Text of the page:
By: Dr. Matevž Tomšič
One of the main features of so called new democracies is the weakness of institutions. This is especially true for the so called supervisory institutions, i.e. those that are supposed to oversee the enforcement of common rules of the game, which means ensuring that individuals, groups and organisations act in accordance with the norms adopted by the broad social consensus (including laws and regulations that have been adopted on the basis of legal and legitimate procedures). This also includes sanctioning those who violate these norms. But of course, such institutions must act neutrally, that is, make decisions based on general principles, i.e. regardless of the political, ideological, or any particular orientation of those concerned.
Weak supervisory institutions are typical of countries that have been subject to the communist type of social order for decades, where the entire institutional apparatus in all areas was only a tool in the hands of the ruling party elite. Therefore, checked “morally and politically appropriate” staff were in key positions. The problem is particularly acute in those countries that have failed to make a systemic break with the past. There people with the “old regime mentality” still occupy important positions. They are usually associated with the political underworld, which has its roots in the structures of the former communist regime.
Unfortunately, Slovenia belongs to this group of countries. Problems with the functioning of the judiciary are known. This is not just about its inefficiency, which is reflected in large court backlogs. Even more problematic is the political instrumentality that has found expression in a number of politically motivated judgments. The most obvious – but by no means the only – case was the Patria case, where defendants were found guilty and sentenced to prison on the basis of non-existent evidence – which was only overturned by a decision of the Constitutional Court.
The instrumentality of supervisory institutions is largely the responsibility of their key people. A typical example of this is the conduct of the President of the Court of Audit of the Republic of Slovenia, Tomaž Vesel, in the process of auditing the purchase of protective equipment at the outbreak of the new coronavirus epidemic last year. The appearance of his impartiality was severely shaken from the very beginning, when it became known that he had met the infamous Ivan Galet even before the initiation of the proceedings. He is the man who launched the whole affair to the public, so the mainstream media declared him a “whistleblower”, although it soon turned out that he was involved in some of the most controversial deals, so it is obvious that with his public blaming of others he, above all, wanted to protect himself. Vesel then pressured his deputy, Jorg Kristijan Petrovič, who was responsible for drafting the procurement report, to finish his work as soon as possible, and after he refused to give in – as he had far too little time to review the report – Vesel revoked the power of attorney a few days later and transferred it to his more “cooperative” colleague. And completely “coincidentally”, this coincided with the tendencies of the left wing opposition to overthrow the government, which was also counted on by its “prime minister” Karl Erjavec, who explained to his MPs the content of the report (this is supposed to be devastating for the Minister of Economy Zdravko Počivalšek), even before it was completed. It is possible that Erjavec bluffed (definitely not for the first time), but the impression was created that the president of the Court of Audit was willing to participate in this political game. On top of all that, his credibility was ruined by his “free time” work for the FIFA World Cup, with which he earned several times more than his regular salary, however, he did not have the appropriate consents for it.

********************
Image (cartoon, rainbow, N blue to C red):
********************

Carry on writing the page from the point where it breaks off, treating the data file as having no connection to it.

Vesel’s conduct in the described case discredited not only him but also the institution he runs. Therefore, only his early and irrevocable resignation could restore at least part of the confidence in it.
Matevž Tomšič is a sociologist, university lecturer and publicist. Since 2008 he has been teaching and researching at the Faculty of Applied Social Studies in Nova Gorica. In addition, he is also engaged at the Faculty of Information Studies in Novo mesto and at the Faculty of Media in Ljubljana. He is also a collaborator of the Study Center for National Reconciliation and president of the Association of Journalists and Publicists.